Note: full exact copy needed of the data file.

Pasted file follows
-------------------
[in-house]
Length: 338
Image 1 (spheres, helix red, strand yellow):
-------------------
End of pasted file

[in-house]
Length: 338
Image 1 (spheres, helix red, strand yellow):